Failure to record ethnicity of victims of Covid-19 is “scandal,” says BMA chief | News from the world


The government’s failure to record and publish real-time ethnicity data for Covid-19 patients is a life-threatening scandal, according to the president of the British Medical Association.

Speaking to Observer, Dr. Chaand Nagpaul said, “This is not a problem that should require further campaigns. It would be a scandal if it required more lobbying because data recording should start now, not tomorrow. When you have such statistics, it’s an instruction to the government to act. “

Hospitals are not currently required to record the ethnicity of admitted, seriously ill or deceased patients. There have been over 14,000 hospital deaths in the UK from the virus, but an independent study of the first 5,578 patients has shown that Covid-19 disproportionately affects ethnic minorities.

On Friday, the national intensive care research and audit center revealed that 34.5% of Covid-19 patients in intensive care were black, Asian or from an ethnic minority, although they represent only 13 % of the general population.

While BAME workers represent 44% of the NHS workforce, they represented 68% of the 57 NHS workers known to have died from the virus. So far, each of the 14 doctors believed to have died is from an ethnic minority.

Employees of BAME hospital in full PPE carrying a blue cart

BAME staff represents 44% of the NHS workforce. Photography: Chris J Ratcliffe / Getty

It is feared that more BAME primary care physicians who feel less able to speak could lead to disproportionate infections and deaths.

“We know very well that doctors have been pressured to see patients, but have not felt protected enough, with shortages of PPE,” said Nagpaul.

“Evidence from the BMA and the General Medical Council has previously shown that BAME doctors are twice as likely not to complain about workplace safety as they are much more afraid of facing recriminations or reprisals… intimidation and harassment have [also] been recorded at much higher levels.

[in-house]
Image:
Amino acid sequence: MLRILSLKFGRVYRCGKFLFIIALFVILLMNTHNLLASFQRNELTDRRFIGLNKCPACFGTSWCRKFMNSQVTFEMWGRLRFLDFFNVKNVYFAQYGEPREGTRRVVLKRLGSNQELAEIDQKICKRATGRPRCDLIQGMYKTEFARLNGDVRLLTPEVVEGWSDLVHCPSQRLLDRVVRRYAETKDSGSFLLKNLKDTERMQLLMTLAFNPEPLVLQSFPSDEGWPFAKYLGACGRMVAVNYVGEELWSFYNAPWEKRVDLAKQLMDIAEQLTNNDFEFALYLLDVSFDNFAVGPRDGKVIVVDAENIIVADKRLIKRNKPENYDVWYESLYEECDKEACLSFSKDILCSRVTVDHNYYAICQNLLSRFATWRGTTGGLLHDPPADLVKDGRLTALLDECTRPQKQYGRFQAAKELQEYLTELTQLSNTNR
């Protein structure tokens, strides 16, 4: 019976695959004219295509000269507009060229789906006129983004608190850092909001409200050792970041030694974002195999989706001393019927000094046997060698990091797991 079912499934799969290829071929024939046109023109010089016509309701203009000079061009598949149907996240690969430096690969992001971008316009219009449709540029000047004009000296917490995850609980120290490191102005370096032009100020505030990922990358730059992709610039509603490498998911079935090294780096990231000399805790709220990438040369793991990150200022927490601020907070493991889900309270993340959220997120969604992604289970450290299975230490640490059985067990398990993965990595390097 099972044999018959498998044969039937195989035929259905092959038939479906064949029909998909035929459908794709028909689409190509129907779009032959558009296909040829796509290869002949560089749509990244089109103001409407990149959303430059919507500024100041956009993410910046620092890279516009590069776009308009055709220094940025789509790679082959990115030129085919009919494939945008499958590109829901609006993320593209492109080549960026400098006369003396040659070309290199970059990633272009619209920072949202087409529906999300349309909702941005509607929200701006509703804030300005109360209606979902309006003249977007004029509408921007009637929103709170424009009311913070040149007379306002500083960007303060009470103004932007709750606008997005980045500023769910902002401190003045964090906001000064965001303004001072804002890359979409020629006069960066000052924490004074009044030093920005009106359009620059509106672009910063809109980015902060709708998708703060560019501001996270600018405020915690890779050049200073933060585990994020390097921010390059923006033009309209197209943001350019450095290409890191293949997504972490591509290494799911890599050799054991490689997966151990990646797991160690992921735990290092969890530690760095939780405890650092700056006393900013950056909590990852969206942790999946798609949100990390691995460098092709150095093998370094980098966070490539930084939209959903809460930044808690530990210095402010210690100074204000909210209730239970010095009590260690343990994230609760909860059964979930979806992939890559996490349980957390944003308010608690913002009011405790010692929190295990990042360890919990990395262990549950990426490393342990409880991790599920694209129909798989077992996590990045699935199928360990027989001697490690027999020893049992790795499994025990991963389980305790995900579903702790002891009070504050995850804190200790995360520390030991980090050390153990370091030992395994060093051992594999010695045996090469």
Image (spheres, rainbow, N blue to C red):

On Thursday, the Department of Health and Welfare agreed to launch an official review of the BAME pandemic of deaths to be led by NHS England and Public Health England (PHE). The announcement would have hidden the NHS, which made reference to the ObserverInquiries to PHE.

Housing, community and local government official Robert Jenrick was asked about the effects of coronavirus on people in BAME communities at a press conference on Saturday.

“There appears to be a disproportionate impact of the virus on those in BAME communities,” he said. “For this reason, the chief medical officer commissioned work from Public Health England to better understand this problem. “

He said it was “fair that we do extensive research quickly” in order to “understand it better.”

BMA President Dr. Chaand Nagpaul urges government to act now.

BMA President Dr. Chaand Nagpaul urges government to act now.

Professor Stephen Powis, National Medical Director of NHS England, said: “This is something that concerns me greatly and I know that the Chief Medical Officer is also concerned.